Rope Dog Chews
If you have old ropes that are not being used, tie several knots at each end to make a homemade dog toy for fetching and chewing.

A Fun Fleece Braid
If you have some leftover fleece from another project or have an old blanket ready to be used for rags, this toy is quick and easy to make, and is especially good for kids to make. Cut fleece into three strips, tie the ends into a knot, then braid the fleece pieces together. Tie off the other ends, and you have a fast and fun dog toy.

Add Sound to Toys
  To make a toy that makes sounds, but is a bit safer than squeakers, put some dry beans in a clean prescription bottle with a child-proof lid. Place the bottle inside homemade stuffed toys or in an old, clean sock for a fun toy that will attract those dogs who like a bit of noise out of their prey.

Create a Cardboard Box Dog Toy
  Any smallish and clean cardboard box can be used as a dog toy. Old cereal boxes, boxes from Hamburger Helper, or just about anything about that size or smaller will work.. Cut a few, one-inch holes (depending on the size of your dog) in the box, then spread a bit of peanut butter inside and tape close the open end of the box. Your dog will spend lots of time trying to lick out the peanut butter, pushing the box all over the room to do so. Just watch carefully to ensure your dog doesn’t get her tongue stuck inside any of the holes. She may also rip apart the cardboard to try and get at the peanut butter, so it’s best to use this dog toy in an easy to clean up area.


The abovementioned ideas for homemade dog toys can help you save a great deal of money. Bear in mind, however, that you need to supervise your dog whenever he plays with these homemade dog toys. Check them for any damage to avoid choking or the ingestion of parts.
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Friday, April 4, 2014

The Most Expensive Dog Breeds

The  Most Expensive Dog Breeds
  Man’s best friend doesn't always come free. In fact, some are willing to pay in the thousands for certain types of dogs, even breeds that are fairly easy to obtain. Though costs will vary based on location and breeder, these 13 breeds often have the highest average price tag.
  The most popular dog breeds are not the worlds most expensive dog breeds,  but the luxury dogs rate high in the top of the list. Popular dog breeds change from year to year and from country to country; and so do the most expensive dogs in the world.

What Makes a Dog Expensive?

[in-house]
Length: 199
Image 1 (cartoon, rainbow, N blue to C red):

There are a variety of factors which make dogs expensive. Purity of breed or their rarity can make dogs extremely expensive. When they are offspring from prize winning dogs the prices can skyrocket too, but the biggest factor is the C-factor. As soon as a dog is spotted or photographed in possession of a celebrity, the dog’s price will shoot beyond the moon. It has happened in the past, and it will happen in the future.

The most expensive dog ever sold
  The most expensive dog ever sold was recently in March 2011, a red “Tibetan mastiff” called Big Splash, or “Hong Dong” in Chinese.  This most expensive dog ever is already 11 months-old and already stands nearly three-feet-high at the shoulder and weighs more than 180lbs, says his breeder, Lu Liang.   He was purchased by a chinese multi-millionaire coal baron.
  ‘Big Splash’ sold for an amazing 10 million Yuan which is about 1.5 million US Dollars and beats the earlier record set by another Tibetan Mastiff Tibetan mastiff” called Yangtze River Number Two which was sold to a chinese woman in 2009 for a whopping 4 million Yuan (About $609,000).   But this still doesn’t make the Tibetan Mastiff generally the most expensive dog breed.

The Most Expensive Dog Breeds
  Roaming along the internet, in a variety of countries here is a countdown of the top most expensive dog breeds our editors found.

1.Irish Wolfhound ($1,500 to $2,000)
  Two thousand dollars might seem a small price to pay for the tallest of dogs, also known for a commanding appearance. Irish Wolfhounds are known for their athletic ability, especially in endurance running. And of course, there is an Irish proverb to describe their personality: “Gentle when stroked, fierce when provoked.”

2.Saluki – $2,500
  The Saluki is a breed of dog that is known for its aloofness. This breed is very loyal to its owner and can become extremely attached to a single person. These are great with children as long as the children do not roughhouse and act as a threat.
  The Saluki is an insecure breed that must be trained gently but with a firm and consistent manner. They are submissive by nature and can be easily distracted. It’s important that you establish your status as the pack leader or else your Saluki will not feel secure with its surroundings.

3.Pharaoh Hound ($2,500 to $6,500)
  Another one of the oldest domesticated dogs in history, the Pharaoh Hound is thought to have originated in Egypt as far back as 3000 B.C., according to the AKC. A medium-sized dog with a coat that can range from tan to chestnut to red golden, Pharaohs have a unique "blush" in which their nose and ears turn a deep rose color with excitement. Used today for hunting, obedience and lure coursing, Egyptian Pharaoh Hounds are friendly, playful and intelligent family members. Their athleticism also requires regular exercise, particularly in a fenced-in area to prevent them from chasing after small game. 


4.Akita ($1,500 to $4,500)

  The Akita breed originated in Japan. Akita dogs are docile, courageous, fearless, and surprisingly intelligent. They are family oriented dogs. Akitas socialize well and they can be very spontaneous. The Akita needs a firm and confident pack leader or else they will act spontaneously and out of order often.